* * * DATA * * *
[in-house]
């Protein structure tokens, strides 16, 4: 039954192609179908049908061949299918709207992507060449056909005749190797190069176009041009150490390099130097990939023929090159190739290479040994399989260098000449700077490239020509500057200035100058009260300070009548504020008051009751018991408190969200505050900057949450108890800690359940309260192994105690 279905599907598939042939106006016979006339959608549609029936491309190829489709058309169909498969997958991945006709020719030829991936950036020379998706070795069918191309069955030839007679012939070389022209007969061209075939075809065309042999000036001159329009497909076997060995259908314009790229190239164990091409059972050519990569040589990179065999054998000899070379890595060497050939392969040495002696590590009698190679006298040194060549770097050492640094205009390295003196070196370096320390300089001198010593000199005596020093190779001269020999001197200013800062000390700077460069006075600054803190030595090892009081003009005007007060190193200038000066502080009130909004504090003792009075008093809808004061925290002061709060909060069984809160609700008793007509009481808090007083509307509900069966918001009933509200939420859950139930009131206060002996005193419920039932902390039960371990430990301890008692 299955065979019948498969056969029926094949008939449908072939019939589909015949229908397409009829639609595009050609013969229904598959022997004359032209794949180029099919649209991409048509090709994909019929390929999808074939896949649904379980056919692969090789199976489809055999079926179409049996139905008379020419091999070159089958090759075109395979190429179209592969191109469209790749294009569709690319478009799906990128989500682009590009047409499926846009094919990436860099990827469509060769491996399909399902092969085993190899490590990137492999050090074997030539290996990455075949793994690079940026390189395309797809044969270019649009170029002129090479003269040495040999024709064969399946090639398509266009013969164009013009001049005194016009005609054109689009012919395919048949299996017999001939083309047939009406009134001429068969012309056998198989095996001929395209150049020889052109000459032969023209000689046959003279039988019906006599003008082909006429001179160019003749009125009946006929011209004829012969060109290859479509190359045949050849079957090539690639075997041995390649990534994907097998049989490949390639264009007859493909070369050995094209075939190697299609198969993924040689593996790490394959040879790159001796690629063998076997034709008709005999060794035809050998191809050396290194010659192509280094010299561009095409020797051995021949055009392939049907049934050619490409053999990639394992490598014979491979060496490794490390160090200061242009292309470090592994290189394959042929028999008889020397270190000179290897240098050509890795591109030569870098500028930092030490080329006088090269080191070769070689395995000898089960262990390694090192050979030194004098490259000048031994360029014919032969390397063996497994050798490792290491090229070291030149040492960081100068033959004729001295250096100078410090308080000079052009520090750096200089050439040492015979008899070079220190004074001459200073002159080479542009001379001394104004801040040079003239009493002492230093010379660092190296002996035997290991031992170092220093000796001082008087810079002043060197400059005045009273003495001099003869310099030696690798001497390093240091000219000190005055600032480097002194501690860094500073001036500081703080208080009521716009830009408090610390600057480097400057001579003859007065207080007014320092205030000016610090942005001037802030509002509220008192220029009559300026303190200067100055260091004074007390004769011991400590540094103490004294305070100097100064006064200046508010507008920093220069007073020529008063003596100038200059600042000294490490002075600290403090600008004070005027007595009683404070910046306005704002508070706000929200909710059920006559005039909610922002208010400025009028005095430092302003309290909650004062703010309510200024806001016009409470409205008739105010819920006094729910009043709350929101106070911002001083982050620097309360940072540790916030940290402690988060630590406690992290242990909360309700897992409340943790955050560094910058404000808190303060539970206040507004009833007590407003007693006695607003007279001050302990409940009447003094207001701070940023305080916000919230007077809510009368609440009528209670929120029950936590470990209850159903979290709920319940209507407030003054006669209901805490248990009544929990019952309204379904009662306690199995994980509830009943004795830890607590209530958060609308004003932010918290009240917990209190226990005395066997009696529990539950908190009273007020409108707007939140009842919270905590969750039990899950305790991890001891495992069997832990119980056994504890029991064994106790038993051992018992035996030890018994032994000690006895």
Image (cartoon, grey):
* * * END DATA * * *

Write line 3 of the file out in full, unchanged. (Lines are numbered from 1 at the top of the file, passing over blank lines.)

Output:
Image (cartoon, grey):